Furniture and decoration The ornamental style called rocaille emerged in France between 1710 and 1750, mostly during the regency and reign of Louis XV; the style was also
called Louis Quinze.
Painting Elements of the Rocaille style appeared in the work of some French painters, including a taste for the picturesque in details; curves and counter-curves; and dissymmetry
which replaced the movement of the baroque with exuberance, though the French rocaille never reached the extravagance of the Germanic rococo.
His work is well known today because of the enormous number of engravings made of his work which popularized the style throughout Europe.
Early Rococo or Rocaille sculpture in France sculpture was lighter and offered more movement than the classical style of Louis XIV.
Another important figure in British furniture was Thomas Johnson, who in 1761, very late in the period, published a catalogue of Rococo furniture designs.
 German architects adapted the Rococo style but made it far more asymmetric and loaded with more ornate decoration than the French original.
Cochin became an important art critic; he denounced the petit style of Boucher, and called for a grand style with a new emphasis on antiquity and nobility in the academies
of painting and architecture.
The furniture of Thomas Chippendale was the closest to the Rococo style, In 1754 he published “Gentleman’s and Cabinet-makers’ directory”, a catalogue of designs for rococo,
chinoiserie and even Gothic furniture, which achieved wide popularity, going through three editions.
 Porcelain A new form of small-scale sculpture appeared, the porcelain figure, or small group of figures, initially replacing sugar sculptures on grand dining room tables,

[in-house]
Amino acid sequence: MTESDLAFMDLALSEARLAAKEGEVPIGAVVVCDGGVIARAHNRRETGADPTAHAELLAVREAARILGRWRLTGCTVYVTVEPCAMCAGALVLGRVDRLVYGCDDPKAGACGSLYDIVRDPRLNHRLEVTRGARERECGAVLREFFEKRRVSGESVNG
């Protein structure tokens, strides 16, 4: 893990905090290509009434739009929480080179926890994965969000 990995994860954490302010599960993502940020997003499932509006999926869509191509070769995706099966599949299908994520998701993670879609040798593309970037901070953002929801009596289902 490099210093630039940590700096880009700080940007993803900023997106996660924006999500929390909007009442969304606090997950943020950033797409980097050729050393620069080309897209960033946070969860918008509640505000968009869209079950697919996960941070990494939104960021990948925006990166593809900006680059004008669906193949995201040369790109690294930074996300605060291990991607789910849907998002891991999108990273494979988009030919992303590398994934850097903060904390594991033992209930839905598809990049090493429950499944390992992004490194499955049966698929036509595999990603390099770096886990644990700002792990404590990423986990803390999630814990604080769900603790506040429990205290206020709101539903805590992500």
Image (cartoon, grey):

but soon popular for placing on mantelpieces and furniture.
 Britain In Great Britain, rococo was called the “French taste” and had less influence on design and the decorative arts than in continental Europe, although its influence
was felt in such areas as silverwork, porcelain, and silks.
• Design for a State Bed by Thomas Chippendale (1753–1754) • Proposed Chinese sofa by Thomas Chippendale (1753–1754) • Design for Commode and lamp stands by Thomas Chippendale
(1753–1754) • Side chair; Thomas Chippendale; circa 1755–1760; mahogany; Metropolitan Museum of Art (New York City) • Design for candlesticks in the “Chinese Taste” by Thomas Johnson (1756) • Chippendale chair (1772), Metropolitan Museum •
Brazier by silversmith Charles Friedrich Kander (1735), Metropolitan Museum Russia The Russian Empress Catherine the Great was another admirer of the Rococo; The Golden Cabinet of the Chinese Palace in the palace complex of Oranienbaum near
Saint Petersburg, designed by the Italian Antonio Rinaldi, is an example of the Russian Rococo.
The Rococo music style itself developed out of baroque music both in France, where the new style was referred to as style galant (“gallant” or “elegant” style), and in Germany,
where it was referred to as empfindsamer Stil (“sensitive style”).
 Differences between Baroque and Rococo Rococo has the following characteristics, which Baroque does not: • The partial abandonment of symmetry, everything being composed
of graceful lines and curves, similar to Art Nouveau • The huge quantity of asymmetrical curves and C-shaped volutes • The wide use of flowers in ornamentation, an example being festoons made of flowers • Chinese and Japanese motifs (see also:
chinoiserie and Japonisme) • Warm pastel colours (whitish-yellow, cream-coloured, pearl greys, very light blues) France The Rocaille style, or French Rococo, appeared in Paris during the reign of Louis XV, and flourished between about
1723 and 1759.
Before entering the Rococo, British furniture for a time followed the neoclassical Palladian model under designer William Kent, who designed for Lord Burlington and other
important patrons of the arts.
 • Ceiling of church of Santi Giovanni e Paolo in Venice, by Piazzetta (1727) • Juno and Luna by Giovanni Battista Tiepolo (1735–45) • Murano glass chandelier at the Ca
Rezzonico (1758) • Ballroom ceiling of the Ca Rezzonico with ceiling by Giovanni Battista Crosato (1753) Southern Germany In church construction, especially in the southern German-Austrian region, gigantic spatial creations are sometimes created
for practical reasons alone, which, however, do not appear monumental, but are characterized by a unique fusion of architecture, painting, stucco, etc., often completely eliminating the boundaries between the art genres, and are characterised
by a light-filled weightlessness, festive cheerfulness and movement.